When Christians talk about soldiering, one passage that comes up often is from Luke’s gospel where John is preparing to baptize his cousin Jesus at the River Jordan (Luke 3:1-20). The thought process goes something like; “Jesus didn’t condemn these specific soldiers, so therefore he doesn’t condemn soldiering in general.” What more can this tale of the unnamed soldiers tell us about what is really going on?
The “few” soldiers are likely part of a small guard detail accompanying the tax collector mentioned in verse 12. This was common, even Herod Antipas had Roman soldiers assigned to protect him. The chief priests that plotted against Jesus had a Temple Guard that answered (more or less) to the religious establishment in Jerusalem – this is why soldiers accompany them to Gethsemane when it comes time to arrest Jesus. By no means are they conducting their otherwise more violent expression of statecraft we call “war.” This is not a passage about war and battle, but diplomacy and economics. They likely protected the tax collector from zealots, or enforced Rome’s legitimate claim to taxation (which Jesus does not challenge). The soldiers here are acting in something much more akin to a police role.
Also noteworthy is the word “soldiers” (strateuomenoi), rather than “centurion” (hekatontarchou). Centurions were commanders of 100 soldiers, and the socio-economic power dynamics should not be overlooked. Until the Marian reforms, which lasted as late as 27 CE, military service was compulsory meaning that soldiers were drafted involuntarily to fight or be assigned far away from their homes. Commanders and other mid level professionals were typically wealthy or on their way to being wealthy. The strateuomenoi, therefore, were probably assigned to protect the tax collector without necessarily being supportive of ‘the system’ or of having a whole lot of power over it in the first place.
It should not surprise us, anyway, that God does not “bless the troops.” In fact Jesus doesn’t say much of anything. It is John who speaks. When he does, he tells them to not falsely accuse people or to assist the tax collector in extorting money (which tax collectors were known for). After all, as representatives of Rome, they held all the cards, they could get away with murder. In fact, soldiers often did just that. The very fact that the soldiers asked John what they should do suggests two possibilities:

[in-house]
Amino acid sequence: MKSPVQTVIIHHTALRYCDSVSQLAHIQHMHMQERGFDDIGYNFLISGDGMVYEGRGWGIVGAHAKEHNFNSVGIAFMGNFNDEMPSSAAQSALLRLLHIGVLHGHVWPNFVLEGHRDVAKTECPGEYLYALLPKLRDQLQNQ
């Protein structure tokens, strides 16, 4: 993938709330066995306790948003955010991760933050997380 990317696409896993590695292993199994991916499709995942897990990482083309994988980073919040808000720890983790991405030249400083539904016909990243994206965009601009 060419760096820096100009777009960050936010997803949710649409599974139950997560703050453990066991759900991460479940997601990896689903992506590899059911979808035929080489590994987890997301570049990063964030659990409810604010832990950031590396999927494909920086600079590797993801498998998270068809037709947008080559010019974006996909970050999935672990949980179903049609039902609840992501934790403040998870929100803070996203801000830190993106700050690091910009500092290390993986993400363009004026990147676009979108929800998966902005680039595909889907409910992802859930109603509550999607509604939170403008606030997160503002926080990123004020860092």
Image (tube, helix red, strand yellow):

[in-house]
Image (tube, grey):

- They were taunting John, and his answer betrays their mockery with plain honesty (which makes them look like jerks, and this story warns us against being like them)
- They saw this indigenous, camel-skin-suited fool as a legitimate authority and dispenser of wisdom (which doesn’t speak too highly of their armor-clad commander in chief…)
Finally, if you read the Gospels canonically, the answer from John the Baptizer might evoke particular stories from other Gospels, like the ending of the book of Matthew, namely chapter 28, vv.1-15. After Jesus is killed, the chief priests temporarily assign their Temple Guard to mortuary affairs to make sure that Jesus stays dead. When he doesn’t, the Tomb Guards report the resurrection to the chief priests (v.11), who bribe the soldiers into falsifying their report to Pilate (v.12) and thereby save their skins for apparently sleeping on the job. The soldiers “took the money and did as they were” told. (v.15)
If the soldiers had been “content with [their] pay,” as John instructs them, would they have taken the priests’ money to cover up their dereliction? Even if the events were not related, the formation of the canon does seem to imply the intent of the early church, and the connection between payments and the duties of soldiering is hard to miss. Additionally, Torah’s warning against bearing false witness should inform our assessment of the soldiers who lied to Pilate about disciples stealing Jesus’ body (but their social location should as well).
Soldiers, it seems, would have every bit as much of a reason to accompany the tax collector to the waters of baptism, for it is at the baptismal waters that one repents and turns away from their former lives. This may be the most honest interpretation, since verses 7 and 10 have John addressing “the crowds” (including tax collectors and soldiers) as “you brood of vipers!” The Baptizer has no reason to think that the soldiers are there for anything less than baptism; the time has come for metanoia, for a change of command in their hearts. Reading the story honestly requires that we approach it with appreciation for John’s motives. Seeing tax collectors and soldiers approach the baptismal waters, already having uttered his typical upbraiding, why would he not assume the soldiers seek what he was there to offer, which was baptism for the forgiveness of sins…?